A roundup of health and fitness news of the week
- Free eye exams and eyeglasses may be available to children whose families could otherwise not afford them through Let’s Go See, a back-to-school program offered through Visionworks and Davis Vision affiliates. You can apply for the service for a deserving student or even for a class or school full of kids. About 7,300 exams and glasses were provided through the program in the last school year.
- An open house will be held from 4 to 7 p.m. today to mark the opening of the Greater Fulton Medical Center, 1718 Williamsburg Road. The medical center is the sixth facility for the Capital Area Health Network, a nonprofit that provides an array of health services across the metro region. The Fulton facility is open 8 a.m. to 5 p.m. weekdays.
- Opioid and heroin-related deaths continue to rise in Virginia, with the Virginia Department of Health reporting 325 in the first quarter of 2016 alone. Several metro Richmond organizations are seeking to stem this tide through a new group, the Central Virginia Opioid Awareness and Recovery Coalition. According to a release, its members include: Bon Secours Richmond Health System, Chesterfield Community Services Board, Chesterfield Fire and EMS, Clean Life Medical, Forest View Volunteer Rescue Squad, Henrico Area Mental Health and Developmental Services, HCA Virginia, Indivior, kaléo, Kenneth and Dianne Wright Center for Clinical and Translational Research, the McShin Foundation, Richmond Ambulance Authority, Richmond Behavioral Health Authority, Richmond City Police Department, SAARA of Virginia (Substance Abuse and Addiction Recovery Alliance), SAFE (Substance Abuse Free Environment), SpiritWorks Foundation, The Healing Place, The Virginia Center for Addiction Medicine (VCAM), VCU Department of Pharmacology and Toxicology, VCU Department of Psychology, VCU Health, VCU Institute for Women’s Health and VCU Rams in Recovery and VCU C. The coalition seeks to raise awareness of the problem and of services available to Virginians.
- VCU Health’s ongoing series of free health seminars continues at Lewis Ginter Botanical Garden with two sessions in September. A session on nonsurgical treatments for aortic valve and aorta diseases will be held at 5:30 p.m. on Sept. 20 and led by Zachary Gertz and Gabor Bagameri. The VCU Health Pauley Heart Center specialists will discuss transcatheter aortic valve replacement and transcatheter mitral valve repair. A presentation on liver disease prevention and treatment at 5:30 p.m. on Sept. 27 will be led by Scott Matherly of the VCU Health Hume-Lee Transplant Center.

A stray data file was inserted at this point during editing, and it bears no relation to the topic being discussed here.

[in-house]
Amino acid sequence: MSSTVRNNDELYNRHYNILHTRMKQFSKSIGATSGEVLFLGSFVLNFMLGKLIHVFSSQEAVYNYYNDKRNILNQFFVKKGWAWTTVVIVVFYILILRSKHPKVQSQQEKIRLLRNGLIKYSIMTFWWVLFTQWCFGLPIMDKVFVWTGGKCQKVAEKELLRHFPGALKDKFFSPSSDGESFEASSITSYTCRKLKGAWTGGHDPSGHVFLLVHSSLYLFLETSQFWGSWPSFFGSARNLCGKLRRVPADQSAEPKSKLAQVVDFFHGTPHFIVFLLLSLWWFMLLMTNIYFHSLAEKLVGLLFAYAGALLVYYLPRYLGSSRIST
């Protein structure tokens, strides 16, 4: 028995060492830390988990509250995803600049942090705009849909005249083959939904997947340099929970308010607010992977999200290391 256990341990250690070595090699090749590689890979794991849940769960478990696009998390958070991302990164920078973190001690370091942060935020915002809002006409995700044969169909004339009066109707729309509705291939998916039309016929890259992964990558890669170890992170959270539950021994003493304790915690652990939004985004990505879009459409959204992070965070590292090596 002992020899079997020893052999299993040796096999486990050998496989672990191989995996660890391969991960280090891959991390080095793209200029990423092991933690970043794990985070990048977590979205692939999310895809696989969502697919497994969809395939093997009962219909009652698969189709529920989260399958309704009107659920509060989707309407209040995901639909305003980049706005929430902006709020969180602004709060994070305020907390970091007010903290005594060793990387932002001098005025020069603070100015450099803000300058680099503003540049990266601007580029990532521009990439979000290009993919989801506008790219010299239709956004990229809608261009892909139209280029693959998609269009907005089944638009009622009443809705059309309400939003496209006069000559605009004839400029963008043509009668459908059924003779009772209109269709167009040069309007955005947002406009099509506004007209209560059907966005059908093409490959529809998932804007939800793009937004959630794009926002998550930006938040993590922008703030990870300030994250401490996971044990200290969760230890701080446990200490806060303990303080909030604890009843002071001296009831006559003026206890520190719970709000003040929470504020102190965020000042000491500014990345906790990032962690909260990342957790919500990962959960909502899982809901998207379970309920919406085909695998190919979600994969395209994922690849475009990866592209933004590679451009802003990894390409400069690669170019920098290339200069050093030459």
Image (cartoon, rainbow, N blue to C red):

- Run and then treat yourself to some quality brews at the Trails and Ales event, to be held at 4:30 p.m. on Saturday, Sept. 24. There are two courses in this Richmond Sports Backers trail race, an 8-mile trek and a 5K. Fees are $40 to $55, which includes one beer. A portion of proceeds benefits trail maintenance through RVA MORE. There’s a 1,000-runner limit.
- The report cards are out for hospital safety from the nonprofit Leapfrog group. They assessed facilities across the nation on a range of safety factors including infections, problems with surgery, staffing and error prevention. Here’s how Richmond region facilities that were included in the survey were assessed: A’s to Bon Secours St. Francis Medical Center, Bon Secours St. Mary’s Hospital, Retreat Doctors’ Hospital, Bon Secours Memorial Regional Medical Center John Randolph Medical Center and Henrico Doctors’ Hospital; B’s to VCU Health System, CJW Medical Center Johnston-Willis Campus and Chippenham Campus and Parham Doctors’ Hospital; and Southside Regional Medical Center received a C.
- A Richmond company that has developed a laboratory mouse useful in the study of certain liver diseases has earned a day in a national showcase event. The company is Sanyal Biotechnology, and it will be a participant in the University Startups Demo Day at Congress, to be held in Washington on Sept. 20. Its founder is Arun Sanyal, a Virginia Commonwealth University professor of medicine. The mice, when fed a Western-style diet high in fat and sugar, respond like people. Sanyal Biotechnology provides contract research services and develops customized studies to screen compounds and provides professional data interpretation. Sanyal was developed through the entrepreneur-in-residence program of the VCU Innovation Gateway.